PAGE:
Can This Home Be Greened? Getting Older, Getting Better: Remodeling a 19th-century Pennsylvania Home

A 140-year-old home in Lewisburg, Pennsylvania gets a new family and much-needed attention.


| September/October 2006



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The Lawrences are renovating their 140-year-old house


Gordon R. Wenzel

A year and a half ago, Matthew and Lida Lawrence were searching for a home where their two sons—Josiah, 6, and Isaac, 2—could have roots in a community with strong friendships and extended family. Matthew, a Spanish teacher, and Lida, a massage therapist, found what they were looking for in Lewisburg, Pennsylvania, a small college town on the Susquehanna River where Matthew grew up. Its thriving farmer’s market, public spaces and trend toward historic preservation enticed the couple back to the area.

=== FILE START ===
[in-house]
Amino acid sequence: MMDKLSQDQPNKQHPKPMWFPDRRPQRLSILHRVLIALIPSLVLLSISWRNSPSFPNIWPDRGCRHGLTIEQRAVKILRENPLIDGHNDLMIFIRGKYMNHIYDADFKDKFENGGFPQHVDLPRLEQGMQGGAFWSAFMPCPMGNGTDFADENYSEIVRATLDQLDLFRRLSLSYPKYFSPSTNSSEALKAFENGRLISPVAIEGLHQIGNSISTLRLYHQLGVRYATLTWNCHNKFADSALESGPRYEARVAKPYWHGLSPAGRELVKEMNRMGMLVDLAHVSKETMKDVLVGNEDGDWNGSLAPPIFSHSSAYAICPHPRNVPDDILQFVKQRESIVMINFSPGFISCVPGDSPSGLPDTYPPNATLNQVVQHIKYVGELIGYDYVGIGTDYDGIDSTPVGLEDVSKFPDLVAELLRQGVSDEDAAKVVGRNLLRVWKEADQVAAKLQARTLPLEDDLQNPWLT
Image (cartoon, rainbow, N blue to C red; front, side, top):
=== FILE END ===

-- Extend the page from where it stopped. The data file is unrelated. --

The Lawrences bought a three-bedroom, one-bathroom home for a low price, and they’re using the savings for extensive renovation on the 1860s-era house with a 1905 addition. “We’re growing to love this old house, even though we were attracted mainly by its large, in-town yard and location on a quiet street next to the woods,” Lida says. But the house needs work; the previous owner lived there for 80 years and made few improvements.

Motivated to reduce their sons’ chemical exposure and to be kind to the environment, the couple has chosen green renovation. “There are so many chemicals around us, but there are still some realms we can control—our home being one of them,” Matthew says. The couple recently joined other families in a petition to ban chemical pesticides in Lewisburg playgrounds.

“By making healthier choices at home and locally, we’re optimistic that the environmental trend will continue on a broader scale,” Lida says. They’ve begun an environmentally friendly yard by planting trees, getting the whole family involved in organic gardening and coaxing vines to cover an unsightly chain-link fence.

To gear up for the renovations, the Lawrences finished their garage so they would have a place to live without subjecting themselves and the youngsters to lead-containing paint, plaster dust and mold (a risk because the house has flooded twice in the last century). »

1. Eliminating the threat of asbestos and lead





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